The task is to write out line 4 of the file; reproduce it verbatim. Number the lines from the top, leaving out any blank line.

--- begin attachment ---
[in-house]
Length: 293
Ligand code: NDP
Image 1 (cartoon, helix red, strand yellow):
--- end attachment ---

Image 1 (cartoon, helix red, strand yellow):